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Street SmartsSM:
Eye on ETA

I have conversations with Merchant Level Salespeople daily, and I am privy to many of their observations, concerns and questions. Recently, I encountered an issue that inspired the topic for this column: whether or not to attend the 2003 Electronic Transactions Association's (ETA) Mid-Year Meeting held September 16-18 in Boca Raton, Fla.

This year's meeting, "Ride The Wave to Success," a Strategic Leadership and Networking Forum, served as a new venue for the organization because it wasn't a traditional trade show.

Based on the questions MLSs were asking me about the event, it appeared many really had no idea what it was about.

  • "I'm a hardworking MLS. Should I go?"
  • "Is it worth the money?"
  • "I don't have the luxury of time. What will I miss? "

When time and money are issues, you want to be sure you attend a conference that will provide you with valuable resources. I hesitated advising them not to go, but, as a spokesperson for MLSs, I felt it was my duty to report back and answer their questions.

Our great industry offers wonderful opportunities for Merchant Level Salespeople, but this year's Mid-Year conference wasn't one of them. We should recognize that not every ETA event is designed for MLSs. Some target ISOs and acquirers; therefore, this particular conference was very helpful for me.

I was delighted to attend, and I believe many other attendees share that sentiment. But MLSs are not part of that group. If you are a MLS, this meeting wasn't for you.

According to association's figures, there were nearly 500 attendees at "Ride The Wave to Success." While it was well attended by acquirers, providers and related payment - processing professionals, I didn't run into five people at this event that would call themselves MLSs...and for good reason.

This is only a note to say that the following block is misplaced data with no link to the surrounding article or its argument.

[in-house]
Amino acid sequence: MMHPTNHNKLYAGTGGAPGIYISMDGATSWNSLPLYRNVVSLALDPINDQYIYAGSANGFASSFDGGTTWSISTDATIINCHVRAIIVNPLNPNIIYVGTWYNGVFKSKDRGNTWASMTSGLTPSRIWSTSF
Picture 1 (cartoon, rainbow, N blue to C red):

The admission fee to attend the show was a pricey $545 and some educational and training sessions required additional fees. After you read about the topics covered, you'll quickly see there weren't many issues of relevance for MLSs, nor were there any sessions that addressed their special needs.

Here's a recap of the topics:

  • Introduction to Electronic Processing

    Billed as appealing to "financial institutions, ISOs, processors, hardware manufacturers, software developers and card associations." A separate fee was required for this session.

  • "Catch Me If You Can" - The Man Behind the Legend

    One-on-one presentation from the con man of the moment - Frank Abagnale, made famous by Steven Spielberg's recent movie starring Tom Hanks and Leonardo DiCaprio. Later on the first day, Abagnale also delivered the Keynote Address - "The Many Faces of Fraud."

  • The New Cost of Privacy-Are You Prepared to Take the Hit?

    This session dealt with companies that are preparing to proactively report compromised data of consumers as well as new legislation affecting our industry.

  • "To Take or Not to Take" - The Great Debit Card Debate

    This presentation focused on recent changes in debit card, settlement and legislation as a result of the Visa/MasterCard/Wal-Mart case.

  • Appreciating Appreciation - The Evolving Role of Private Equity Investors in Our Industry

    This session concentrated on the minds and methods of the new breed of investors in the transaction industry.

  • Surviving Data Security Concerns

    Understanding obligation, risk and potential exposure in the face of changing data security requirements was the gist of this session.

  • Can One Size Really Fit All When it Comes to Data Security?

    The goal of the closing session of the 2003 ETA Mid-Year Conference was for attendees to get a better understanding from the various card associations on their plans for required data security and what the future might hold.

As you can see, the overall program lacked any MLS-centric topics...and that was unfortunate. Please, don't get me wrong. ETA is very valuable to the acquiring industry, regardless of your place on the food chain. I thought the 2003 Strategic Leadership and Networking Forum had many topics of interest for ISOs and MSPs that are liable for merchant losses-just not enough to warrant MLS participation.